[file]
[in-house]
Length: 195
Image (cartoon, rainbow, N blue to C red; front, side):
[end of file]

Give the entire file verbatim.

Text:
[in-house]
Length: 195
Image (cartoon, rainbow, N blue to C red; front, side):